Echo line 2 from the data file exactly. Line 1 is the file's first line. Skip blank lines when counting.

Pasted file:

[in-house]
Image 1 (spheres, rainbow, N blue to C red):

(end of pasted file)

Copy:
Image 1 (spheres, rainbow, N blue to C red):